1. Summary of Plant and Animal Genome 2015 January 10-14, 2015, San Diego The 2015 Swine NRSP-8 Workshop was held January 10, 2015 in San Diego, CA in conjunction with the 2015 Plant and Animal Genome Conference. The titles and abstracts of all Lectures, Posters, and Workshop talks can be found at: https://pag.confex.com/pag/xxiii/webprogram/. In addition, the winner of the Neil A. Jorgenson Travel Award for Swine, Melanie Trenhaile, has provided a brief summary of selected Swine-related posters. These summaries are found here: http://www.animalgenome.org/pig/community/columns/20150125.php . Melanie is a MS student of Daniel Ciobanu of UN-Lincoln. Thanks for your hard work on this, Melanie!
A joint session was held with the Cattle, Sheep and Goat groups in the morning. and then each sub-commitee had separate afternoon sessions. The Swine program had five invited international speakers representing four different European countries. In addition, there were ten presentations from nine different NRSP-8 participating locations. The presentations were very interesting and initiated considerable discussion among the attendees. Dr. Clutter gave an administrator's report and Drs. Ernst and Tuggle gave their coordinators' report as well as conducted a discussion on the use of coordinator's funds to support collaborative research. At the morning joint session, 177 attendees signed in representing 100 different locations. Sixty-six of these attendees were from 19 different countries. In the afternoon, the workshop had 60 people sign in representing 35 different locations. Thirty-four of the attendees represented 19 different countries. During the business meeting, Dr. Kiho Lee from Virginia Tech University was elected as the new secretary and Dr. Cathy Ernst of Michigan State University was elected to chair the 2016 Swine Workshop. (majority of this information was kindly provided by Gary Rohrer).
One discussion that was a bit different from previous years was a mid-afternoon. discussion on ideas for using the NRSP-8 Coordinator funds, and the development of policies requiring matching funds to access NRSP-8 funding. One major topic of discussion was a new high density SNP chip, and a number of Stations were interested in this. Please see item #2 for more details.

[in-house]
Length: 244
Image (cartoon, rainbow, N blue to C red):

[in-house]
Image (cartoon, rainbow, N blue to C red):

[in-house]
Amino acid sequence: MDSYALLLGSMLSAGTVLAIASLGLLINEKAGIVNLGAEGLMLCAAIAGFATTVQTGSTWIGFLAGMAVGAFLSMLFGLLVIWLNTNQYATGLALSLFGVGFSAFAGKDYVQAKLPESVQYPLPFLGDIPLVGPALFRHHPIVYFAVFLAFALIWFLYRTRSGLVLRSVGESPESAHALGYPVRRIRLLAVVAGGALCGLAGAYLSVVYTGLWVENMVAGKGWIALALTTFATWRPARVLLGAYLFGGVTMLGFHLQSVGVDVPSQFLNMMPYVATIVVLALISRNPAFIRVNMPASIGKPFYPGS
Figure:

A major event at PAG was the announcement and further organization of the. Functional Annotation of ANimal Genomes (FAANG) Consortium. The following text is a summary of the purposes of FAANG; for further information please see the FAANG website (www.faang.org) . At the NRSP-8 Workshop on Sunday, there was an introductory talk by Dr. Elisabetta Giuffra (INRA) and a standing-room only crowd then participated in a roundtable discussion on implementing FAANG. A further meeting on Monday afternoon attracted 62 persons, where a Steering Committee was set up and discussions of a Fall meeting in Washington, DC was started. More details as they become available.
The most significant challenge in the post-genomic era is connecting genotype. to quantitative phenotype in basic and applied biology - the genome to phenome challenge. Significant progress has been made in associating sequence variation with quantitative phenotypes motivated by the importance of animals as food sources, models for human health, and key ecological actors. In domesticated animals, the wealth of phenotypic diversity of different breeds and populations and decades of research have been key to such progress, and coupled with advances in sequencing the genomes of these species provides unique opportunities to study genome-phenome relationships.
FAANG has been created as we all recognize the importance of coordinating this. effort to maximize efficiency and data quality as demonstrated by the ENCODE project. The major goal of FAANG is to identify all functional elements in animal genomes.
FAANG aims to deliver standardized datasets from a limited set of individuals. representing species that have reference quality draft genome assemblies and substantial publicly available phenotypic datasets.